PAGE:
MOT Defect Categories – What do they mean?

When performing an MOT check on a vehicle you will have undoubtedly come across some categorised notices when scouring through the vehicle’s history (and if you haven’t seen any, congrats on having a well maintained vehicle!)

Here I’ll explain what each of these categories means, and what you need to know about whether your vehicle is safe to drive after an MOT test.

In 2018 the DVSA issued new guidelines on how MOT defects should be categorised. The three new categorisation options are Dangerous, Major and Minor.

MOT testers are given guidance on pre-defined defects marked as Dangerous, Major or Minor. Therefore there is no longer any ambiguity as to the level of severity a defect can be.

What are Major MOT defects?

Major MOT defects lead to an instant fail of the vehicle’s MOT test. They can often be serious issues, but are not immediately classified as dangerous.

Your vehicle will not pass its MOT until you (or a garage) have rectified any Major defects and a re-test taken.

Such Major defects may include “Shock Absorber Has A Serious Fluid Leak” or “Exhaust system has a major leak or is insecure“.

What are Minor MOT defects?

Minor MOT defects are caused by faults on vehicle components deemed less critical. You’ll often find Minor defects on components that have suffered some slight damage but are in full working order.

Your vehicle will not fail an MOT on Minor defects alone.

Statistics tend to show that Minor notices don’t happen very often. It’s very likely that if a component is starting to show wear or become damaged it will immediately be identified as a Major defect, or just an advisory item.

Minor defects can include “Rear Registration Plate Lamp Inoperative” and “An obstruction within the driver’s field of view“.

What are Dangerous MOT defects?

Dangerous MOT defects are the most severe of the failure notices. As with Major defects, they automatically lead to a failure of your MOT test, but have the added kicker of making your vehicle dangerous to drive.

Certainly not a nice notice to get!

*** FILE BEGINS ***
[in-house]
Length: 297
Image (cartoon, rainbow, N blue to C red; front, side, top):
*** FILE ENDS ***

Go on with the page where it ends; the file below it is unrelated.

This of course now invalidates any remaining days left on the current MOT, and from that point forward it is illegal to drive your vehicle on a public road in this “dangerous” state.

It is essential Dangerous defects are fixed at the nearest opportunity. Such Dangerous defect notices may include “Road Wheel Fractured” or “Brake lining or pad worn below 1.5mm“.

What are Advisories?

Although we now have the three clear categories above, MOT testers can still declare faults as Advisories.

These are the most minor of notices, and should merely serve as warnings that your MOT tester believes a fault may soon become apparent on a particular vehicle component.

Advisories are not mandatory. Your MOT tester doesn’t have to note down or inform you of advisories on your MOT, but any good MOT tester will.

Your vehicle will not fail an MOT with Advisory notices. However failure to rectify any identified advisories may lead to them becoming failure points at the next, or any future, MOTs.

Examples of Advisories can include “Tyre Worn Close To Legal Limit” or “Anti-Roll Bar Linkage Ball Joint Has Slight Play“.

What does PRS mean on your MOT?

In some instances on your MOT history you may find a notice has been added called a PRS, or “Pass with Rectification at Station”.

MOT testers are given the option of adding a PRS notice when they encounter a defect which would fail your MOT, but they have the facilities there and then to rectify it during the course of testing.

For example, you may notice a fail record on your historical MOT check with a PRS notice of “Stop Lamp Not Working“. This means the MOT tester has noted down this test as a Fail, but upon making this simple fix on your behalf, it then immediately switches to a Pass.

This means in the span of one MOT test session your vehicle Failed, then Passed, it’s MOT.

It is rather annoying seeing these notices on your MOT history, but the MOT tester has to record such things in this way to keep accurate statistics and data for the DVSA.

Otherwise the tester could get in trouble if, for example, the DVSA notices that no vehicles ever fail on Stop Lamps at their station…

What about notices before 2018?

Prior to 2018, a somewhat simpler system was in place where an MOT tester would simply note down any defects along with the words “Fail” or “Advisory” – pretty self-explanatory.

If an MOT tester had any other notices that needed mentioning at the time, they could also be added to the check as “User Entered” notes. This may include less important maintenance issues due soon, or things the MOT tester recommends that you keep an eye out for in the next 12 months.

At MOT.Tools we clearly show all notices recorded against your vehicle in our comprehensive MOT history checks.

Hopefully you now understand a little better what each categorisation on these notices actually means.